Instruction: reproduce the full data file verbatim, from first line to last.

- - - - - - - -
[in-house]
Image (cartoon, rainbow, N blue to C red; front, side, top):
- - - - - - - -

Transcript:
[in-house]
Image (cartoon, rainbow, N blue to C red; front, side, top):